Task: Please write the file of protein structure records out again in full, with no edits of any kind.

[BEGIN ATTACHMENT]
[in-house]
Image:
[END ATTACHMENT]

[in-house]
Image: